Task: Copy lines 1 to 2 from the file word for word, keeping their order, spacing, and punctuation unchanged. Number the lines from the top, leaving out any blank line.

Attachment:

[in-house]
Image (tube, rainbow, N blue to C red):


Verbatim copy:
[in-house]
Image (tube, rainbow, N blue to C red):